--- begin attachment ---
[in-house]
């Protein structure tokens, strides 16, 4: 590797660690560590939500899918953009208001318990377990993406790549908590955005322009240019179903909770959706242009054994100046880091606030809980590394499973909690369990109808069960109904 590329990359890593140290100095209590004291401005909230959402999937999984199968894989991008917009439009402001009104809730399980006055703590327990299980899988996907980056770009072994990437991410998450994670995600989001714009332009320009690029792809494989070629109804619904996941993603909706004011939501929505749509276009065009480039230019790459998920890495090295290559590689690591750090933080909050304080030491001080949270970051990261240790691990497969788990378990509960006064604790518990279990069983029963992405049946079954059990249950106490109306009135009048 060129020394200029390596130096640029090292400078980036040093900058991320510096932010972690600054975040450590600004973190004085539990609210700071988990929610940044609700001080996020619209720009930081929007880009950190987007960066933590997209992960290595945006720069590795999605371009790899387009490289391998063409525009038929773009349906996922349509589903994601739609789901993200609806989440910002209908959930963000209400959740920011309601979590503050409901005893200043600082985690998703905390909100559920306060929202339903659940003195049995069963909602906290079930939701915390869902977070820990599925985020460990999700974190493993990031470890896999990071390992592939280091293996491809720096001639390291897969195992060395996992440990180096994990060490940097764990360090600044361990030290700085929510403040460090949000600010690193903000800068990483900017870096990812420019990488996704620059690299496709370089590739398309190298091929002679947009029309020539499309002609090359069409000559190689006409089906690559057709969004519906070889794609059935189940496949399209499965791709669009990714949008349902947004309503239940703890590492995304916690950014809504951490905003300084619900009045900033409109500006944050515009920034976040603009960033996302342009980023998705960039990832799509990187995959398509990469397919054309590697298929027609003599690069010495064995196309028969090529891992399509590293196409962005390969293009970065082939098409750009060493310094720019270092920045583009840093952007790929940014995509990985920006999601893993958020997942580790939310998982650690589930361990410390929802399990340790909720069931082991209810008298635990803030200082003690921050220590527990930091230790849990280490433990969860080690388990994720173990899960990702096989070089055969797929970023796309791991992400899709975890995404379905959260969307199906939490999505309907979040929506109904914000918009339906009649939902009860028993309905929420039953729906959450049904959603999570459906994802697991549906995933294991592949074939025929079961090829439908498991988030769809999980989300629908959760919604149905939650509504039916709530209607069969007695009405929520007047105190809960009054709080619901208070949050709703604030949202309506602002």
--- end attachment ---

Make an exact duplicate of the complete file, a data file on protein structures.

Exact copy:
[in-house]
């Protein structure tokens, strides 16, 4: 590797660690560590939500899918953009208001318990377990993406790549908590955005322009240019179903909770959706242009054994100046880091606030809980590394499973909690369990109808069960109904 590329990359890593140290100095209590004291401005909230959402999937999984199968894989991008917009439009402001009104809730399980006055703590327990299980899988996907980056770009072994990437991410998450994670995600989001714009332009320009690029792809494989070629109804619904996941993603909706004011939501929505749509276009065009480039230019790459998920890495090295290559590689690591750090933080909050304080030491001080949270970051990261240790691990497969788990378990509960006064604790518990279990069983029963992405049946079954059990249950106490109306009135009048 060129020394200029390596130096640029090292400078980036040093900058991320510096932010972690600054975040450590600004973190004085539990609210700071988990929610940044609700001080996020619209720009930081929007880009950190987007960066933590997209992960290595945006720069590795999605371009790899387009490289391998063409525009038929773009349906996922349509589903994601739609789901993200609806989440910002209908959930963000209400959740920011309601979590503050409901005893200043600082985690998703905390909100559920306060929202339903659940003195049995069963909602906290079930939701915390869902977070820990599925985020460990999700974190493993990031470890896999990071390992592939280091293996491809720096001639390291897969195992060395996992440990180096994990060490940097764990360090600044361990030290700085929510403040460090949000600010690193903000800068990483900017870096990812420019990488996704620059690299496709370089590739398309190298091929002679947009029309020539499309002609090359069409000559190689006409089906690559057709969004519906070889794609059935189940496949399209499965791709669009990714949008349902947004309503239940703890590492995304916690950014809504951490905003300084619900009045900033409109500006944050515009920034976040603009960033996302342009980023998705960039990832799509990187995959398509990469397919054309590697298929027609003599690069010495064995196309028969090529891992399509590293196409962005390969293009970065082939098409750009060493310094720019270092920045583009840093952007790929940014995509990985920006999601893993958020997942580790939310998982650690589930361990410390929802399990340790909720069931082991209810008298635990803030200082003690921050220590527990930091230790849990280490433990969860080690388990994720173990899960990702096989070089055969797929970023796309791991992400899709975890995404379905959260969307199906939490999505309907979040929506109904914000918009339906009649939902009860028993309905929420039953729906959450049904959603999570459906994802697991549906995933294991592949074939025929079961090829439908498991988030769809999980989300629908959760919604149905939650509504039916709530209607069969007695009405929520007047105190809960009054709080619901208070949050709703604030949202309506602002």